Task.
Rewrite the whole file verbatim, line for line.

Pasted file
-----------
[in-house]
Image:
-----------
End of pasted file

[in-house]
Image: